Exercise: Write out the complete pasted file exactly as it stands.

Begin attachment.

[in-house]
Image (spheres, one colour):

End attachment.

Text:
[in-house]
Image (spheres, one colour):